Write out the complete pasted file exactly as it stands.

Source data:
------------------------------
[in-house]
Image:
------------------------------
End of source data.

[in-house]
Image: